By Skeeter Sanders
As the battle between Hillary Rodham Clinton and Barack Obama for the Democratic presidential nomination becomes increasingly bitter and racially-charged, the New York senator is employing lines of attack against the Illinois senator that are coming directly from the campaign playbook of the Republican National Committee.
Meanwhile, controversial comments against Obama by 1984 Democratic vice-presidential nominee Geraldine Ferraro -- for which she defiantly refuses to apologize -- have been revealed to be an almost word-for-word repeat of a similarly racially-charged remark the former New York congresswoman made in 1988 against another African-American presidential candidate: Jesse Jackson.
Obama Wins Mississippi Primary By a Landslide
The new controversies come just days after Obama swept to a landslide victory over Clinton in Tuesday's Mississippi primary, with 61 percent of the vote, compared with Clinton's 37 percent. The Illinois senator captured 17 of Mississippi's 33 pledged delegates up for grabs, which will be allocated proportionally.
But in a Deep South state that perhaps is the most racially polarized in the nation, Mississippi's Democratic voters were sharply divided among racial lines, exit polls indicated. As has been the case in many other primary states, Obama won overwhelming support from African-American voters. They went for him over Clinton 91-9 percent.
The Magnolia State has a larger proportion of African-Americans (36 percent, according to the 2000 census) than any other state in the country. And black voters make up nearly 70 percent of the state's registered Democrats.
Clinton's 'Kitchen Sink' Strategy Against Obama Has GOP's Fingerprints All Over It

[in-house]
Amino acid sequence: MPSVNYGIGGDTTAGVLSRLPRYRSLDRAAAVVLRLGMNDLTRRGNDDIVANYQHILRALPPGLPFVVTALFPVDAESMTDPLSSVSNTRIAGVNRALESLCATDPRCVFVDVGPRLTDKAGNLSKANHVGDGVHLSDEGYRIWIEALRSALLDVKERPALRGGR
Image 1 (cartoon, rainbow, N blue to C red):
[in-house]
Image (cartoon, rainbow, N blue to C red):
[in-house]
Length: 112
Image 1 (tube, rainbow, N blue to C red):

According to The Hill, the Washington-based newspaper that covers Congress, the former first lady has employed talking points against Obama developed by the RNC over the past year, while the Republicans, in turn, are using lines of attack developed by the Clinton campaign to "soften up" Obama for a possible general-election match-up against GOP nominee-elect John McCain.
Not to be outdone, Obama has also borrowed a page from the GOP playbook against Clinton, raising implicit questions about her ethics. Obama’s campaign manager accused Clinton in January of being willing “to do or say anything to win an election,” repeating a similar statement by Republican national chairman Mike Duncan.
But it's Clinton who's taken the more negative approach, according to The Hill, and is freely tapping the GOP's opposition research department -- much to the satisfaction of Republican officials who have battled her for years.
“There appears to be bipartisan agreement that Barack Obama is not prepared to be commander in chief,” Danny Diaz, the Republican National Committee’s communications director, told the newspaper.
Clinton's GOP-Written Attack Lines Date Back to November